Alex Brown is deputy editor of Cricinfo
Kumar Sangakkara drew directly from the Good Captaincy handbook by offering unqualified support to a team-mate down on his luck. But, at some level, Sri Lanka must harbour concern for Sanath Jayasuriya, the one-time Howitzer of international limited-overs cricket whose firepower has been notably subdued in recent months.
By his own lofty standards, Jayasuriya's return of 221 runs at 18.41 in 12 innings for the Mumbai Indians was unsatisfactory, and the constricted nature of his batting often made life difficult for his middle-order team-mates. That thread extended into Tuesday's Twenty20 practice match against Bangladesh at Trent Bridge, during which Jayasuriya failed to register a run in eight consecutive deliveries from Mashrafe Mortaza and Mahmudullah. Precisely half of his 26 deliveries faced were dot-balls, and only a few trademark sixes over the square-boundary and a charitable offering of four overthrows kept his innings strike-rate above the industry standard 100-mark.
The beauty of Jayasuriya's batting has always been its simplicity and general joie de vivre. See the ball. Hit the ball. With little mind paid to match situations or the reputations of opposing bowlers, Jayasuriya breathed life into a stagnant limited-overs game in the mid-1990s with dashing, free-spirited strokeplay in an era of nudgers and nurdlers. Indeed, his one-day opening combination with Romesh Kaluwitharana revolutionised the manner in which international teams viewed opening 50-over innings, ditching conservatism to take full advantage of early field restrictions.
Yet, as indefatigable as his performances have been over the years, there is no escaping the fact that Jayasuriya's 40th birthday falls nine days after the final of this World Twenty20. That is comfortably clear of the next oldest player currently participating in top-flight international cricket, and a quick glance at his record - 261 first-class matches (including 110 Tests), 519 List-A games (including 432 ODIs) and 53 international and domestic Twenty20 encounters - reveals a workload that may well be unmatched in the history of the game among allrounders.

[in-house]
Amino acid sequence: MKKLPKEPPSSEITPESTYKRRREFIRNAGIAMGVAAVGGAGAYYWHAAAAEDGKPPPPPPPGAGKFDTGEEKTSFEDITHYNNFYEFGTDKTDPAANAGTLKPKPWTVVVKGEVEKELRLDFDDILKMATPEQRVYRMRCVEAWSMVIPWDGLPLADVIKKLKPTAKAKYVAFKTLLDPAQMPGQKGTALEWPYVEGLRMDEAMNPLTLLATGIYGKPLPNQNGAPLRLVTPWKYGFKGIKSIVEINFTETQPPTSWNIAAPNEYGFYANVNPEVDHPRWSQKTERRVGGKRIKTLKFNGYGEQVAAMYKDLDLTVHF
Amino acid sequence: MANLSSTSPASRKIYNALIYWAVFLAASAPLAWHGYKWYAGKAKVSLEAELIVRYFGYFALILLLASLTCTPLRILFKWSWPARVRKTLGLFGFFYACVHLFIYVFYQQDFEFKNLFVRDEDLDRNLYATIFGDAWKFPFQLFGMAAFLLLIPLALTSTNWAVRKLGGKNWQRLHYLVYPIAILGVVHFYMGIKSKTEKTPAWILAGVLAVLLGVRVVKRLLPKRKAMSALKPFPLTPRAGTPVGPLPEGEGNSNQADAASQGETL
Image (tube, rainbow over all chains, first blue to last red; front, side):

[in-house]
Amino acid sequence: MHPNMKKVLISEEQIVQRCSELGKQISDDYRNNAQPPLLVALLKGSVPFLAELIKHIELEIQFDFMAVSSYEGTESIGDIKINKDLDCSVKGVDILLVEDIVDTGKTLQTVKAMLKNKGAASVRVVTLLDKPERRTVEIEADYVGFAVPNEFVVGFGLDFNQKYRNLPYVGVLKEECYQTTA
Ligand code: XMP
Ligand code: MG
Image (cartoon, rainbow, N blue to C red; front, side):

Jayasuriya has made a career out of defying convention, but evidence is mounting that his powers are in decline. Can he produce one more fortnight of powerful strokeplay? Time will tell. But Sangakkara, for one, is confident he can.
"The fact that he's always going to be in our starting XI is because we have that confidence in him," Sangakkara, Sri Lanka's recently installed captain, said. "He could be 40 or 45, but in our fitness tests he's up among our top eight. Age or fitness is not going to be a problem. He just needs to work his magic when the opportunity presents itself.
"He's still very important to us. I think he's just working his way into the tournament. His job for us is just to go out there and be Sanath. If he wants to hit the first ball out of the park, that's what we want him to do. We just want him to feel he's a very important part of our side. Everyone in the team has the fullest confidence in him. That's why he's here, and that's why he's going to be part of our side looking forward to the 2011 World Cup."
Sri Lanka possess a magnificent Twenty20 line-up; perhaps the best on-paper team in the tournament alongside South Africa. With Tillakaratne Dilshan, Mahela Jayawardene and Sangakkara leading the batting effort, Muttiah Muralitharan and Ajantha Mendis headlining the spin attack and Lasith Malinga and Nuwan Kulasekara to take the new ball, Sri Lanka appear well positioned to launch an assault on India's crown.
A firing Jayasuriya - complete with thunderous strokeplay, miserly spin and athletic fielding - would greatly enhance that bid. But while the body appears willing with the ball, Jayasuriya's recent hesitancy at the crease throughout the IPL is a concerning development for a team seeking to avenge the disappointment of its 2007 World Twenty20 campaign. Bangladesh confounded him with changes of pace and full-pitched spin; a template they appeared to borrow from Mumbai's IPL rivals in 2009.
A temporary glitch or the inexorable encroachment of old age? Much will be revealed in the next fortnight.